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Acid rain eats away at Northeast

Avalanche Lake in Adirondack Park, New York State. Watersheds are especially vulnerable to acid rain  
ENN



April 3, 2000
Web posted at: 12:08 a.m. EDT (0408 GMT)

Acid rain continues to plague the northeastern United States, and legislation enacted in 1990 has done little to remedy the situation, according to a recent report by the federal General Accounting Office.

"This report provides fresh and credible evidence that acid rain continues to damage ecosystems in Vermont and throughout the Northeast," said Sen. Patrick Leahy (D-Vermont).

"If we do not act soon to aggressively crack down on acid rain, the region's economy and public health will be endangered beyond repair. We need to update our Clean Air laws with comprehensive national legislation that forces antiquated power plants to either modernize or shut down," said Leahy.

  MESSAGE BOARD
 

Leahy and Rep. John Sweeney (R-New York) asked the GAO — Congress' nonpartisan watchdog agency — to analyze acid rain trends in the Northeast to determine whether the 1990 update to the landmark Clean Air Act successfully curbed sulfur dioxide and nitrogen oxide emissions.

When released into the atmosphere, these chemical compounds constitute two of the primary causes of acid rain. The GAO report found that progress had been made in reducing sulfur dioxide emissions, but emissions from nitrogen oxides remain essentially unchanged.

"Acid rain is having a tremendously damaging effect on the Northeast, and this report details just how the dire situation really is," said Sweeney. "The Adirondack Park is dying faster than the EPA predicted and is actually losing its ability to buffer acid rain. EPA's worst-case scenario now appears to be the likely outcome."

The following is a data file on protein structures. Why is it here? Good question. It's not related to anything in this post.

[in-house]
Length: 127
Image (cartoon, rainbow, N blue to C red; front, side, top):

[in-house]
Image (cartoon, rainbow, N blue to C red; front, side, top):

Acid rain pollutes watersheds, creating highly acidified and nitrate-laden lakes where fish are unable to survive. Acidified soil is stripped of necessary nutrients that help plants survive cold temperatures.

Vermont's maple trees are particularly susceptible to the effects of acid rain  

A recent environmental conference at the University of Vermont revealed how vulnerable the state's syrup-producing maple trees are to acid rain. And Leahy cited another recent report detailing the declining air quality of America's national parks as evidence of acid rain's destructive effect.

Total sulfur dioxide emissions declined 17 percent from 1990 through 1998, but total emissions of nitrogen oxides changed little during the same time period, according to the GAO report, "Acid Rain: Emissions Trends and Effects in the Eastern United States." In the eastern states, total deposition of sulfur decreased 26 percent from 1989 though 1998, while total deposition of nitrogen increased 2 percent, according to the report.

Nitrates also increased in 48 percent of the lakes sampled in the Adirondacks, a sensitive ecosystem that is protected under the Clean Air Act.

Leahy believes the GAO report will provide the impetus for more stringent national regulation of all nitrogen oxide sources. He also hopes GAO's findings will provide momentum for his "Clean Power Plant and Modernization Act of 1999," legislation introduced last year that would force 1950s-era power plants to modernize their operations.



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RELATED SITES:
General Accounting Office
The U.S. Environmental Protection Agency
Environment Canada
acid rain resources
Encarta
Congressman Leahy
Congressman Sweeney
Appalachian Mountain Club
Gerry M. Serianni
Vermont Life

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